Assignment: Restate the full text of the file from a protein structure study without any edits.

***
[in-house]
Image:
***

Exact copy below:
[in-house]
Image: